The secret memo stated that "US interests in Syria probably would be best served by a Sunni regime," and highlighted that despite sectarian tensions having been muted, "the potential for serious communal violence remains" with "remnants of the [Muslim] Brotherhood" as "leaders in a new Sunni opposition movement." The timing and the trigger of the unrest remained the two major issues.

    Perhaps 1986 was not the best moment for a coup. As Pulitzer Prize-winning investigative journalist Jack Anderson wrote in his "Washington's Letter," Hafez Assad's close ties with the USSR made him a tough nut to crack: "Attacking Syria would mean taking on the Soviets; it wouldn't be the cheap and easy operation that [US President Ronald] Reagan brought off in Grenada and Libya. In poker terms, it's the difference between a penny ante and a no-limit game."

    The journalist noted, "Syria… still has thousands of Russian advisers and huge quantities of Soviet weaponry and is Moscow's most dependable ally in the Middle East."

    The Fall of the USSR Opened Window of Opportunity for US

    After the collapse of the USSR in 1991, pro-Soviet regimes in the Middle East, Central Asia and Latin America seemed to be easy prey for the US war planners.

    Retired US Army General Wesley Clark, a former Supreme Allied Commander Europe of NATO and a 2004 Democratic presidential candidate, recalled during his 2007 speech at the Commonwealth Club of California that in 1991 then-Undersecretary of Defense for Policy Paul Wolfowitz told him that the US had "five or 10 years to clean up those Soviet client regimes" in Syria, Iran and Iraq.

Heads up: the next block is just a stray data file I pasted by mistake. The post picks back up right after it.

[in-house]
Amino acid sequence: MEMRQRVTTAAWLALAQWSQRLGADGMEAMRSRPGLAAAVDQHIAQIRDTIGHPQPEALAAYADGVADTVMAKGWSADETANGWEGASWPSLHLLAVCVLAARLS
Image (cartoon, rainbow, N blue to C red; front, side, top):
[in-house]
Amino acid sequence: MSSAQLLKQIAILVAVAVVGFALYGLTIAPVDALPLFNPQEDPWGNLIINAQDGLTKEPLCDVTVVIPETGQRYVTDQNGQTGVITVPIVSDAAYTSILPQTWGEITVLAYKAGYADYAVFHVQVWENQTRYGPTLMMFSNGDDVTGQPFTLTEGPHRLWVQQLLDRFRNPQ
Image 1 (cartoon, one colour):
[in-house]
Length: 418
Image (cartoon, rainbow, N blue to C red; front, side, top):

Diplomatic cables released by WikiLeaks showed that in 2006 former US Ambassador to Syria William Roebuck informed Washington about "potential vulnerabilities" of Syrian President Bashar al-Assad's government and the "possible means to exploit them."

    In 2012 the Obama administration and the US Defense Intelligence Agency (DIA) were well aware that the Salafists, the Muslim Brotherhood and al-Qaeda in Iraq (AQI) were "the major forces, driving the insurgency in Syria," since the very beginning of the unrest in the country. As ex-DIA chief and former national security advisor Michael Flynn noted in his 2015 interview with Al Jazeera, "it was a willful decision" by the US president at the time.

    However, it means that nothing much has changed since 1986 when the CIA regarded the radical Muslim Brotherhood as a potential spearhead of the Syrian opposition movement.  

    Russia Seeking 'Honest and Comprehensive Answer' From US

    The two-year-long Russian air campaign in Syria, which apparently caught US strategists by surprise, has forced Washington to make adjustments to its plans. So, what's next?

    After an October 23 meeting with Iraqi Foreign Minister Ibrahim Jaafari, Russian Foreign Minister Sergei Lavrov stressed that Moscow wants Washington to explain what "the new line" in the US Syrian policy is.

    The Russian foreign minister emphasized Washington's calls for the creation of local "councils" on the territory of the sovereign Syrian Arab Republic and the mass exodus of Daesh terrorists from Raqqa during the US-led operation in the city.

    "We address these questions to Washington and expect to receive an honest and comprehensible answer," Lavrov underscored.

    The views expressed in this article are solely those of the author and do not necessarily reflect the official position of Sputnik.

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    Tags:
    regime change, Sunnis, Shiites, terrorism, The Syrian war, Syrian Democratic Forces (SDF), Daesh, Central Intelligence Agency (CIA), Defense Intelligence Agency (DIA), Muslim Brotherhood, al-Qaeda, Hafez al-Assad, Lt. Gen. Michael Flynn, Bashar al-Assad, Donald Trump, Barack Obama, Sergei Lavrov, USSR, Iran, Syria, United States, Russia, North Africa, Middle East, Somalia, Kosovo, Libya